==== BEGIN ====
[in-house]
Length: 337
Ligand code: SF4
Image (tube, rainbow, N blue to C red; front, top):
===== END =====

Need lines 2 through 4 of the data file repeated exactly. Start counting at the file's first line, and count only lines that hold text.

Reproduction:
Length: 337
Ligand code: SF4
Image (tube, rainbow, N blue to C red; front, top):